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FCA: more profits, no net debt at last; Dakota

by David Zatz on

This is the fifth year of record results for FCA, with an adjusted earnings before interest and taxes (EBIT) of €7.3 billion, and a net profit of €3.6 billion. (One euro is currently equal to $1.13, so the net profit is  around $4 billion.)

CEO Mike Manley said that the company will probably be able to start paying ordinary dividends in Spring 2019, due to positive cash flow.  Fitch has raised the company’s credit rating to investment grade, going from BBB- to BB, with a stable outlook. FCA has reached Sergio Marchionne’s goal of having no industrial net debt and then some; as of December 31, 2018, the company had €1.9 billion in net cash, with €21.1 billion of liquidity; and the company made accelerated, discretionary payments of €2.35 billion into the pension fund.

In North America, record performance included a 19% gain in adjusted EBIT to €6.2 billion; the margin rose from 7.9% to a respectable 8.6%. FCA sales went up, yielding a market share gain from 11.4% to 12.0%, and a U.S. retail market share gain of 11.5% to 12.3% — historically a good number for Chrysler. Net revenues went from €66.1 billion to €72.4 billion. On the gain side were higher volumes, more favorable vehicle mixes, lower advertising, and higher pricing (partly offset by higher incentives); on the downside were increased content costs, higher launch and logistic costs, and unfavorable exchange rates. Inventories did rise, from 86 days to an unhealthy 90 days, due partly to delays in selling new models; the company expects this to clear up.

In Latin America, sales were up; market share went from 12.4% to 12.8%, and shipments went up from €521 billion to €584 billion. Market share in Brazil was flat, but it was up in Argentina. Adjusted EBIT margin went from 1.9% to a healthier 4.4%.

In Asia-Pacific, inventories dropped from 86 to 80 days, but market share is still quite low, dropping slightly from 0.8% to 0.7%, with 142,000 joint-venture sales and 228,000 sales including joint ventures and FCA sales. The vehicle mix was unfavorable, incentives were higher, and pricing changes had to be made in China. Industrial costs dropped and the company advertised less, but margin still fell from 5.3% to -11.0%.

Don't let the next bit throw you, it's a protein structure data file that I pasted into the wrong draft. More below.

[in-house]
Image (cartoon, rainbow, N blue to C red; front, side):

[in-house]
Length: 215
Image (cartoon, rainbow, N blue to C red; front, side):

In Europe/Middle East/Asia (EMEA), sales dropped, market share fell from 6.6% to 6.5% (from 11.4% to 11.1% for vans), and the margin fell from 3.2% to 1.8% (corrected from -1.8%; FCA made a profit in EMEA.)

Overall, margin fell somewhat due to European weakness. Net revenue increased from €111 billion to €115 billion; revenues would have increased at constant exchange rates.

The company is expects a less profitable 2019, with an adjusted EBIT and margin below 2018’s €6.7 billion and 6.1%.

In the Q&A, Mike Manley said that the around 10%-15% of Gladiators would probably be from potential Wrangler buyers; but he still expected a 10-15% gain in Wrangler sales. The Ram 1500 has the highest conquest ratio at the moment (attracting competitors). Last year, Ram was essentially flat in a market that fell with heavy duty trucks, so Manley expects higher share in heavy duty trucks this year. He also said that he believed companies would resist overly heavy incentives in heavy duty pickups over the next year; and that the Ram Classic strategy should help with the company’s relatively low share in commercial fleet pickup sales.

Dakota. When asked if Ram would bring back the Dakota midsized pickup, Manley said that the Gladiator was going to hit that segment, but that the only vehicle really missing from the Ram/Fiat Commercial range was a metric-ton pickup—in the US, a midsize. He said there would be a slightly different configuration in the US.

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